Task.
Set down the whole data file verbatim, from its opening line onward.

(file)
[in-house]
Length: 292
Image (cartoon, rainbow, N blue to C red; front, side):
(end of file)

[in-house]
Length: 292
Image (cartoon, rainbow, N blue to C red; front, side):